Gunman shot, killed at Discovery building

He points to trouble with net's shows about 'human birthing'

The gunman that stormed the Discovery Channel building in Maryland has died after being shot by police, NBC News confirmed. Police pulled the trigger after the suspect held a gun to one of the hostages.

An explosive device strapped to his body was detonated by the gunfire.

There are no reports of injuries to the employees (who were all male; one was a security guard) held hostage for about five hours, police said. The 1,900 employees were sent home for the day.

The man was reported to be James Jay Lee, 43, a former employee, according to CNN. He was arrested after holding a protest outside the net in 2008. Watch a live feed of the hostage situation.

Lee posted a 1,100-word demand letter on his website insisting Discovery Channel "broadcast to the world their commitment to save the planet."

"Stop all shows glorifying human birthing on all your channels and on TLC," the suspect wrote in the alleged letter to the network, which is home to "Kate Plus 8" and "19 Kids and Counting," among others.

The man entered the building's lobby strapped with "some sort of device on him that may be explosive in nature," Montgomery County police spokesman Cpl. Dan Friz told ABC News.

The SWAT team arrived on the scene around 1 p.m. EST. One hundred children from a daycare center within the building have been relocated to a local McDonald's. An employee told ABC News, "We heard, pop, pop, pop, pop pop."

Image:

The Twitter feed of DiscoveryNews.com, a Discovery Channel website for the latest science news, said as of around 2 p.m. EST: "Thank you everyone for your well wishes. Discovery_News team all safe." There was no immediate eyewitness news on Twitter.

The hostage situation came on a day when Discovery Networks International had unveiled the launch of its TLC network across the Asia-Pacific region.

"TLC has become one of the strongest television networks in the United States, demonstrating creative leadership across a wide range of lifestyle categories," said DNI president and CEO Mark Hollinger.

Wall Street analysts in first reactions predicted there would likely be little effect on Discovery Communications' financials and strategy from Wednesday's incident alone. "No," said one analyst when asked if he expects any negative impact. "[The gunman] is clearly very disturbed."

Employees are expected to return to work Thursday, but since police are currently treating the building as an active crime scene, Discovery will communicate with employees later on Wednesday night, according to corporate communications executive David Leavy.

Leavy said he didn't want to characterize Lee's demands beyond saying that when one reads Lee's manifesto, "I don't think it's rational." He added that Discovery did not take "his threats or demands seriously," and he confirmed the company had been aware of Lee and his past.

The Discovery rep also said the company and its employees is focused on recovering and getting back to "making great TV again."

"I'm proud of the Discovery family," he said, calling it "very loyal" and adding it is "a fun place to work with a lot of great people." In the face of Wednesday's stress, "that strength came through today," he concluded.

Discovery lauded the professionalism of the security and rescue forces and its own staff. "That's the word of the day: professionalism," said the Discovery rep. "Security staff and others executed our evacuation plans flawlessly."
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